Mentalhealth Champion Monday - Meet Sarah Namegabe, founder of Akili HealthCare, DR Congo

November 05, 2018



Since inception in January 2018, The Sitawa Wafula Mental Health Academy has been hard at work to develop the next generation of mental health champions in Africa by providing them with skills, resources and community. Our first cohort finished their official time at the Academy this October and over the coming weeks, we will be highlighting their journeys at the Academy through  on our #MCM -Mentalhealth Champion Mondays Series. 

We start the series with Sarah Namegabe, founder of Akili Health Care - DR Congo. 


TMHA::: Tell us a little about yourself

Sarah:::My name is Sarah Namegabe, I am from Bukavu which is a town in the Eastern part of the Republic Democratic of the Congo. I am a fifth born in a family of seven. I am a clinical psychologist currently doing a masters in Counseling Psychology in Nairobi.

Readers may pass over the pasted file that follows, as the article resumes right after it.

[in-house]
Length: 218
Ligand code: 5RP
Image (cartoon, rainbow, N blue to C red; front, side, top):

TMHA::: What drew you to the mental health space?
Sarah:::
My journey started  in 1996 when I was sexually assaulted and a result I started having nightmares, I became so angry and very irritated. I even lost my self-esteem. I spent my teenage years feeling guilty about it and wondering why this had to happen to me. Apart from going to school, I stopped going out or even mingling with other girls. I was feeling as if something within me was missing, which led to my poor performances in school, and in my relationships too. I was always told that I was too dependent on my partners.

All this pain, led me to get interested with Mental Health issues and a strong desire to do research about it. I wanted to know more about people in my country who were living with the same condition as mine. I found out that many people were suffering from mental health related diseases and a major part of them are not even aware of it and they neither know how to deal with their issues nor where to find help. People living with mental health conditions in DR Congo are discriminated, some families are even accused of witchcraft.